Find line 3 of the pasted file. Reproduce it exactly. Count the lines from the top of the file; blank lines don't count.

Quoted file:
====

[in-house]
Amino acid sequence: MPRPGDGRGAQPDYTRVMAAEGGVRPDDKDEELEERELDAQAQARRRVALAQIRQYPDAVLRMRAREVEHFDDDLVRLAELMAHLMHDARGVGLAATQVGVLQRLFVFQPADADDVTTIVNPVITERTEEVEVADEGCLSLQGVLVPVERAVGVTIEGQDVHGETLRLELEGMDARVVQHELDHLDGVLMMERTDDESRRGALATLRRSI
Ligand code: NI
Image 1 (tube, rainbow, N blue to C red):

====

Ligand code: NI